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JetBlue’s updated “Vets in Blue” livery (Photo: JetBlue)

JetBlue Refreshes Special Veterans Livery

JetBlue’s special livery that honors our veterans, appropriately named “Vets in Blue” has had a major refresh to its livery. The airline has many special liveries, about 16 of them, all unique and feature colorful designs, some of which pay tribute to groups such as the New York City Firefighters and Veterans while others are a creative way to show off the airline like their Blueprint livery on the airlines Embraer E190 aircraft.

The airline, which has been presenting these full aircraft special liveries since 2010, unveiled the original ‘Vets in Blue’ livery back on Veterans Day in 2014. The new refreshed livery will remain on the same tail number it has since 2014, N775JB, an Airbus A320 that was delivered new to JetBlue in 2009 in the standard livery.

JetBlue’s new “Vets in Blue” livery (Photo: JetBlue)

The updated livery will feature a refreshed ribbon, which now goes from the tail section up to the rear section of the wings, unlike the old livery where the ribbon was only near the back of the plane. The plane will still say “JetBlue Honors Our Veterans”, but the titles will now be above the windows instead of under them like before. Perhaps the biggest change and most notable change is the shade of blue they used, on the old livery the main color of the aircraft was a dark blue section of the plane whereas with the new update it features a much brighter blue color.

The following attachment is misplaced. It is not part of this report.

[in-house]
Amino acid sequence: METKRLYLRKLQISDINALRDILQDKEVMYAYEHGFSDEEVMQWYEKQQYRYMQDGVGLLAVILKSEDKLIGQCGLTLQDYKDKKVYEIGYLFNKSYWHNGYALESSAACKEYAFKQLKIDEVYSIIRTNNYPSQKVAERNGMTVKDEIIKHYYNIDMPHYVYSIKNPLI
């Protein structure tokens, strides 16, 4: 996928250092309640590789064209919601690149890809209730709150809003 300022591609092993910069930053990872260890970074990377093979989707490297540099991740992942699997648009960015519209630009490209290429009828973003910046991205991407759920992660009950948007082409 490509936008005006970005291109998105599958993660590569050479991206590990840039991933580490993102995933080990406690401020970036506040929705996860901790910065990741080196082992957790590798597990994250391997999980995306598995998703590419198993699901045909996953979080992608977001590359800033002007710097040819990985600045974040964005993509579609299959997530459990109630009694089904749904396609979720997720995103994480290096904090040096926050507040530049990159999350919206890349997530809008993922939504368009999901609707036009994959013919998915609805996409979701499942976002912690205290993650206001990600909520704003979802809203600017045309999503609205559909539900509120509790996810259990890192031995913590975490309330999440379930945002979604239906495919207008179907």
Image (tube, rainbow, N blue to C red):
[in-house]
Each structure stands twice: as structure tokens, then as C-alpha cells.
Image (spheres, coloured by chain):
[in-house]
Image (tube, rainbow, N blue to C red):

JetBlue Airbus A320 “Vets in Blue” livery (Photo | Jetblue)

The old livery was unveiled the same year as when the first USO, United Service Organization Center, was opened at a New York City area airport, which also happened to be located right in JetBlue’s home at JFK Airport, Terminal 5.

Author

  • Joey Gerardi

    Joe has always been interested in planes, for as long as he can remember. He grew up in Central New York during the early 2000s when US Airways Express turboprops ruled the skies. Being from a non-aviation family made it harder for him to be around planes and would only spend about three hours a month at the airport. He was so excited when he could drive by himself and the first thing he did with the license was get ice cream and go plane spotting for the entire day. When he has the time (and money) he likes to take spotting trips to any location worth a visit. He’s currently enrolled at Western Michigan University earning a degree in Aviation Management and Operations.

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